SCUTTLEBUTT 1602 - June 11, 2004
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IS IT POSSIBLE THE FAT LADY HASN'T SUNG?
Pascual Maragall, the President of Catalunia has been in secret
negotiations with Michel Bonnefous, the President of the Americas Cup
management Committee in order to try and persuade him to stage the
competition in Barcelona and not Valencia. He has allegedly used as an
excuse the failure by the Socialist government in Madrid to support the
event, which would tie in with the fact that the Socialist government has
been dragging its heels over making decisions that directly affect Valencia
and the Americas Cup. This has been in order to give Pascual Maragall and
his team time to try and persuade Mr Bonnefous. It has also been revealed
that Mr Bonnefous apparently is not against the idea, and is also
pressuring the Valencians to advance the necessary works as fast as
possible. However, despite the obvious insult to Valencia, sources at the
Valencia 2007 Consortium have stated that they have been contacted by the
Americas Cup Management team who told then that the alleged negotiations
had not taken place.
In the meantime, and as if to confirm the secret negotiations, a 90-minute
meeting between Valencia Mayoress Rita Barbera, Valencian Economy Conseller
Gerardo Camps and Socialist Finance Minister has failed to make any sort of
progress over the financing of the Americas Cup. As the meeting ended, a
statement from the Ministry alluded to the meeting and stated that in a few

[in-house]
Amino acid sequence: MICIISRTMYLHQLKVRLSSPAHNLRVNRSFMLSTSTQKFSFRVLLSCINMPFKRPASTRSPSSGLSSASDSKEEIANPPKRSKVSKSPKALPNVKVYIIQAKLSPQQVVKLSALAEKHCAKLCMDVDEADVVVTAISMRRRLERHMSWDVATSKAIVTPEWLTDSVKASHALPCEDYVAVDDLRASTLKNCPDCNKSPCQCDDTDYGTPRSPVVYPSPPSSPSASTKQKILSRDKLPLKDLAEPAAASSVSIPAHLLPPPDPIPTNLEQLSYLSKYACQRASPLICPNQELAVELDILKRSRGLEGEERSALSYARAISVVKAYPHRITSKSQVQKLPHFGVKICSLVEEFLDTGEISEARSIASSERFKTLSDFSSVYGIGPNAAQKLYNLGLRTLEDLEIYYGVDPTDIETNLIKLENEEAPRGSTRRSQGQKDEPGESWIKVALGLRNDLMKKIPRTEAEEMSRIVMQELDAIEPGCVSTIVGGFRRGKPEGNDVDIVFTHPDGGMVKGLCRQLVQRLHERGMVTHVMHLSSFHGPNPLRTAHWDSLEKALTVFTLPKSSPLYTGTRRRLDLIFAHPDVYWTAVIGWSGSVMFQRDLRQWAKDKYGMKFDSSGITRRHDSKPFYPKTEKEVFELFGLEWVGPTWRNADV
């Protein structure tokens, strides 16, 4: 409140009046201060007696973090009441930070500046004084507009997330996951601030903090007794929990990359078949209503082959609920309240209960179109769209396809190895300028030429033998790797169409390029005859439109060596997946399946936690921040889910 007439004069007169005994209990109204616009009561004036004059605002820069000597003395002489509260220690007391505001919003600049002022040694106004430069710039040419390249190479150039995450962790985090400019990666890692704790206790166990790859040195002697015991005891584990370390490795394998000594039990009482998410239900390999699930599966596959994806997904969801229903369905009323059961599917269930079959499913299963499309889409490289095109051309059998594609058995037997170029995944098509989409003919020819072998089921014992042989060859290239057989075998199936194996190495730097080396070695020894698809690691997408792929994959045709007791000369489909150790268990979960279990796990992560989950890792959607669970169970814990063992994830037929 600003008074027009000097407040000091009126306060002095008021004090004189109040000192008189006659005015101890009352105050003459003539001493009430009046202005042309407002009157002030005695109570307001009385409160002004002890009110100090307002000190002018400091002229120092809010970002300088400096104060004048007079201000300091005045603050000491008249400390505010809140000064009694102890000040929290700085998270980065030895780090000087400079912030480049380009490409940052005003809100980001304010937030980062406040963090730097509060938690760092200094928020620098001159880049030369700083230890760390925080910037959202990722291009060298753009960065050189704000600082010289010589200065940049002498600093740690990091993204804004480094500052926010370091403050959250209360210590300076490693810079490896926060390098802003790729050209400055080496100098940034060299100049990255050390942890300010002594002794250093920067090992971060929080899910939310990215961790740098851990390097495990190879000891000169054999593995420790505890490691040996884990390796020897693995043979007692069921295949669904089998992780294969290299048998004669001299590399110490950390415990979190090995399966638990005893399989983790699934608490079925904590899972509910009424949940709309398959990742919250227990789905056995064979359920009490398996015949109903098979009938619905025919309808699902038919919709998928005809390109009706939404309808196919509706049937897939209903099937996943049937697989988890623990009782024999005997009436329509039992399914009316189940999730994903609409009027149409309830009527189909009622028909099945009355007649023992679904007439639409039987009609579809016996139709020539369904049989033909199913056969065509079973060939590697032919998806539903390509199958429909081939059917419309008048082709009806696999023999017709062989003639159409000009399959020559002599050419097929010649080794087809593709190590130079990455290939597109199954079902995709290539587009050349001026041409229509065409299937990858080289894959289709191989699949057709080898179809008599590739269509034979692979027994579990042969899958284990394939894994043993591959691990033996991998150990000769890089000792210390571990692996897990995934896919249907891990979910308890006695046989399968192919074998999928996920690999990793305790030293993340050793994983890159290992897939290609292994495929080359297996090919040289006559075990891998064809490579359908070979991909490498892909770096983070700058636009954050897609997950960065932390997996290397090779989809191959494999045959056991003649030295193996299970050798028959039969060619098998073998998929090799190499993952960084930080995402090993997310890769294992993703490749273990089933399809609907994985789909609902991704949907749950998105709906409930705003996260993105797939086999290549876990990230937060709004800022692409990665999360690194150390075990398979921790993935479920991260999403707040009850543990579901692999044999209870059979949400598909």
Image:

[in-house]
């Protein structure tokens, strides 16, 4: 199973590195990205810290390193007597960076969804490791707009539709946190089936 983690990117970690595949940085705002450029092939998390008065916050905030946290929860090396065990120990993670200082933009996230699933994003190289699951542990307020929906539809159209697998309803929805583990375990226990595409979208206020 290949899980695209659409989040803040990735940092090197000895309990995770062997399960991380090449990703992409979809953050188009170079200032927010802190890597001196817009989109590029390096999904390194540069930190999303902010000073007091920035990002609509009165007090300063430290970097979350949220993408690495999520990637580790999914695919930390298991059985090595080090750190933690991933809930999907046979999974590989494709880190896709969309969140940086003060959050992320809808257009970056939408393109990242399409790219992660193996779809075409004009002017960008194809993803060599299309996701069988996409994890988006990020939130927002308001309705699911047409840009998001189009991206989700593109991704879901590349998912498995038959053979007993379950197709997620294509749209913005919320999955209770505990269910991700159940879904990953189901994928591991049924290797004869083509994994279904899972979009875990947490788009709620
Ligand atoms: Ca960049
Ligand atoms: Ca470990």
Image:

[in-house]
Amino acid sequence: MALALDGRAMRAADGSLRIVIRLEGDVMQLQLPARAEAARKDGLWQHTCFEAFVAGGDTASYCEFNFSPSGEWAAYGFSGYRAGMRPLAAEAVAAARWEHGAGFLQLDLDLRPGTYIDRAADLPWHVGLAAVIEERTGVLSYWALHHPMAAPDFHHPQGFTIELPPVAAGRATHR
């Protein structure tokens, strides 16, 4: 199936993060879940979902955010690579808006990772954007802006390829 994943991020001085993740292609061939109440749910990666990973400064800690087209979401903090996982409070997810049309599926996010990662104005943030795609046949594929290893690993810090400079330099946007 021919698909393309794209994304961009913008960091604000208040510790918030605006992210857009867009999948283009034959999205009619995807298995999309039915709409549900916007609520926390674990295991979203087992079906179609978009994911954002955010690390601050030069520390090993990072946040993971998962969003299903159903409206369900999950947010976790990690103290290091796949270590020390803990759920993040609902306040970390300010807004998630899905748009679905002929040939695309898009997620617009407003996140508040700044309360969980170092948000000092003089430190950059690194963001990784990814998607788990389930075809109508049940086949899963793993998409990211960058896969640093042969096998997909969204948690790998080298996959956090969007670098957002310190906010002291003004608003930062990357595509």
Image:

weeks, decisions would be made with regards to the Cup and its necessary
infrastructure in Valencia. Many political analysts have stated that the
Socialists are attempting to try and bring down the Partido Popular
Government in the Valencian Community, and the heel dragging over the Cup
by the central Government would appear to be a part of a continued effort
by Madrid to sink one of the lynchpins of the Aznar Government. Commenting
on the alleged contacts between Mr Maragall and the Americas Cup Committee,
Mr. Camps stated that he found it 'surprising', particularly as Barcelona
had been passed over in the competition to stage the Cup. He added: "When
Barcelona won the competition to stage the Olympic Games, the Valencian
Community congratulated Catalunia and respected the decision. This is the
least that we should expect from Mr. Maragall and his team." -
WOMEN'S MATCH RACING WORLDS
Annapolis, Maryland, USA - Poor wind on the Chesapeake Bay today meant
little racing in the BoatU.S. 2004 ISAF Women's Match Racing World
Championship. The Race Committee from host Eastport Yacht Club had hoped to
finish up the second full round robin among the 16 top-ranked international
women match racers on hand for the event, but with only 24 more matches
sailed today, they remain 20 contests short of the full rotation. Because
the regatta will end on Saturday, at this time organizers are planning to
complete the round robin, hopefully tomorrow, then switch to a
best-two-of-three "knock out" quarter final series in place of the